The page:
We hope, in preparing for the next Board meeting, the Secretariat takes our findings into consideration so that the GCF does not repeat such flawed processes. For example, CDM designated national authorities issue letters of endorsement/no objection in a highly inconsistent manner. It is thus critical that the Secretariat’s revised no-objection procedure paper calls for all GCF national designated authorities to carry out high-quality no-objection procedures according to clear, binding and uniform standards and criteria. The development and implementation of the no-objection procedure must be closely coordinated with the development and implementation of the GCF’s safeguard and information disclosure policies, and its fiduciary and transparency standards.
For more detailed recommendations regarding the draft decision on the no-objection procedure considered by the GCF Board in Paris, please see Comments on BMF: Countries’ transparent no-objection procedure, GCF/B.05/06, by Friends of the Earth U.S., Institute for Policy Studies, Global Alliance for Incinerator Alternatives, Heinrich Boell Foundation North America, Interamerican Association for Environmental Defense and Both ENDS.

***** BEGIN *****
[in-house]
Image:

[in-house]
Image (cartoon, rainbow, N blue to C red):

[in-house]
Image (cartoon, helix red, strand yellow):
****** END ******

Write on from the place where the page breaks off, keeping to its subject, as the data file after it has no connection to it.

1 It should be noted that there is a lot of confusion regarding what is meant by “intermediary.” I use the term here because the Secretariat referenced “intermediaries” in its paper on the no-objection procedure, though it is telling that the Board member from Brazil asked the Secretariat to clarify what “intermediary” meant. In its draft decision on the no-objection procedure, the Secretariat appears to suggest a separate no-objection procedure for “intermediaries.”
2 A 2013 CAO audit carried out on the IFC’s large financial intermediary portfolio demonstrated that the IFC was unable to trace, understand or document the environmental and social impacts of its financial intermediary investments, presenting a dangerous risk to the environment and affected communities.
Climate and Energy,
Economics for the Earth
/ Tags: Climate change, Climate finance, Ifc, Karen orenstein, World bank